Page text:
• leuko-araiosis;
  • functional MRI;
  • motor function;
  • diffusion tensor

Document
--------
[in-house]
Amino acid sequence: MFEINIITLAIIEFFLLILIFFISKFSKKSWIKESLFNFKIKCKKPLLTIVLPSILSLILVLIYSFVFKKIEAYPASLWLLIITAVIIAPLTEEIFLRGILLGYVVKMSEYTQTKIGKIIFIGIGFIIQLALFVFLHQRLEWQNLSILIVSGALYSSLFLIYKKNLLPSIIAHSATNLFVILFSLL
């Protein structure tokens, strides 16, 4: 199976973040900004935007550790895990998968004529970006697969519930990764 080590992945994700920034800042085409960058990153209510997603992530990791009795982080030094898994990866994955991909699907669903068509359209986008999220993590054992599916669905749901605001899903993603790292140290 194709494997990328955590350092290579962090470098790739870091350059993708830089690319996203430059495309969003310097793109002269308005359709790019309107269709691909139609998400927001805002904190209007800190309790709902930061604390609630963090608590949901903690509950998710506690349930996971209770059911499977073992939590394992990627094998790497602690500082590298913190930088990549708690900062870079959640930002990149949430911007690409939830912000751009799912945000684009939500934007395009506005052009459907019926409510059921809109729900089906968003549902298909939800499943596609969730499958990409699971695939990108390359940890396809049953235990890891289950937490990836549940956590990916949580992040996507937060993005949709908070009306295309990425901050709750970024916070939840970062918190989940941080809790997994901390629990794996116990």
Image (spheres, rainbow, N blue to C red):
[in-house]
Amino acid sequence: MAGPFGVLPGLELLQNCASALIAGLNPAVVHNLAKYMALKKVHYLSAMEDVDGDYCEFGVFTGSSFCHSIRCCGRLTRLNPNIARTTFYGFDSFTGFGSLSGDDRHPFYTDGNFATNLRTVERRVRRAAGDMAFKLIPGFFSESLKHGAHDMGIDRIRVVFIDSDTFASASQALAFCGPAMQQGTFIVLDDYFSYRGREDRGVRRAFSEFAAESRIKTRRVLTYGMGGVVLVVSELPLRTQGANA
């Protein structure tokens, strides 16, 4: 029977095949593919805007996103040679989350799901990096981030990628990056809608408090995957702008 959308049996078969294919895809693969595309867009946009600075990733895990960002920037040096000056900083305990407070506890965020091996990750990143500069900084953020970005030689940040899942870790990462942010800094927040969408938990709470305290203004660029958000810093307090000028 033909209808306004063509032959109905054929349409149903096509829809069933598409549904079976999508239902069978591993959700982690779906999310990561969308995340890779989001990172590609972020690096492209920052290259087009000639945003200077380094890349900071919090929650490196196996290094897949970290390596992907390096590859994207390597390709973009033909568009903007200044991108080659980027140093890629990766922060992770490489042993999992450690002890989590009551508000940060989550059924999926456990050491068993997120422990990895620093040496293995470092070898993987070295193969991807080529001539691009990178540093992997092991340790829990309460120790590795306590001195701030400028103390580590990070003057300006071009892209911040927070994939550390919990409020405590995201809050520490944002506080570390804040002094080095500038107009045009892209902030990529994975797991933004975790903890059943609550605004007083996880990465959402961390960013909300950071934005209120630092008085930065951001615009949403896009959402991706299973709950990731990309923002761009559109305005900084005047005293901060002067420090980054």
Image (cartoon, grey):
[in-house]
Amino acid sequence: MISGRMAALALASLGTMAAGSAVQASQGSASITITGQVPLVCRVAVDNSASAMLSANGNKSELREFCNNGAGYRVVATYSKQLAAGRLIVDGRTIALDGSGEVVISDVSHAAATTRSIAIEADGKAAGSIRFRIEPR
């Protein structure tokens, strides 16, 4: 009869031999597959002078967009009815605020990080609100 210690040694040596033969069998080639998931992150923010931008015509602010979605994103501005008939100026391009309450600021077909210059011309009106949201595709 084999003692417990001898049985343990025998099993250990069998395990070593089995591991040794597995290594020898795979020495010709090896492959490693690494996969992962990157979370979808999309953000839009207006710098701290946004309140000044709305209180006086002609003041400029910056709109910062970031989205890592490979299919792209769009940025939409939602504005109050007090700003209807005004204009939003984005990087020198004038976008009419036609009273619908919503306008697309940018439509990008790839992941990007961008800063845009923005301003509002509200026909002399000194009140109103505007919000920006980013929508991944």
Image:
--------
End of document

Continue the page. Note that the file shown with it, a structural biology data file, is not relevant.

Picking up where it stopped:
The term leuko-araiosis (LA) describes a common chronic affection of the cerebral white matter (WM) in the elderly due to small vessel disease with variable clinical correlates. To explore whether severity of LA entails some adaptive reorganization in the cerebral cortex we evaluated with functional MRI (fMRI) the cortical activation pattern during a simple motor task in 60 subjects with mild cognitive impairment and moderate or severe (moderate-to-severe LA group, n = 46) and mild (mild LA group, n = 14) LA extension on visual rating. The microstructural damage associated with LA was measured on diffusion tensor data by computation of the mean diffusivity (MD) of the cerebral WM and by applying tract based spatial statistics (TBSS). Subjects were examined with fMRI during continuous tapping of the right dominant hand with task performance measurement. Moderate-to-severe LA group showed hyperactivation of left primary sensorimotor cortex (SM1) and right cerebellum. Regression analyses using the individual median of WM MD as explanatory variable revealed a posterior shift of activation within the left SM1 and hyperactivation of the left SMA and paracentral lobule and of the bilateral cerebellar crus. These data indicate that brain activation is modulated by increasing severity of LA with a local remapping within the SM1 and increased activity in ipsilateral nonprimary sensorimotor cortex and bilateral cerebellum. These potentially adaptive changes as well lack of contralateral cerebral hemisphere hyperactivation are in line with sparing of the U fibers and brainstem and cerebellar WM tracts and the emerging microstructual damage of the corpus callosum revealed by TBSS with increasing severity of LA. Hum Brain Mapp 35:819–830, 2014. © Wiley Periodicals, Inc.